Eileen looks back at the life she once had, the life in X-Ville, where she grew up with her father, a former policeman and alcohol addict, her older sister who was everything she was not and her mother who died much too early. Due to the mother’s illness, Eileen had to give up college and return home to care for her, she found a job in a juvenile detention centre which she hated. There is no such thing as a private life for Eileen, stalking one of the prison guards, some shoplifting from time to time, drinking a bit too much with her father. This is definitely not the life Eileen had imagined, but how can she flee from it? She spends her days daydreaming of different possibilities of escape. When Rebecca Saint John arrives at the prison, Eileen is intrigued by the women’s demeanour. She immediately admires her and even kind of falls in love with her – not foreboding what is behind the nice looks and outer appearance of this woman.
Ottessa Moshfegh’s novel combines psychological aspects with a crime story in a very unexpected way. For the largest part, we follow Eileen and her rather pitiful life. How the parents treat her, especially her father who seems to take her rather as a servant and not as his daughter, her sister with whom she does not relate at all. And her concept of herself: she perceives herself as invisible, ugly even, nobody could ever be interested in her, nobody seems to take notice of her presence. Her thoughts about escape, escape from the village, escape from life, her fantasies about killing her father who is responsible for her deplorable situation arise from her borderline state of mind. Thus, it is not surprising how she reacts when she finds herself suddenly in a critical and threatening situation with a gun in her hand.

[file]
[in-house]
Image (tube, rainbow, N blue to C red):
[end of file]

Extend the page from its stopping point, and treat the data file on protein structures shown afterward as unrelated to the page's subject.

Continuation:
From a psychological point of view, the nomination for the 2016 Man Booker Prize shortlist can easily be understood. The novel offers deep insight in the character’s mind and opens a completely new world to the reader. The atmosphere created, the lonely far away village, deep in snow, also wonderfully blends with the inner state of the protagonist. Nevertheless, I would have preferred some more action a bit earlier. The sudden crime situation came a bit too late to my taste.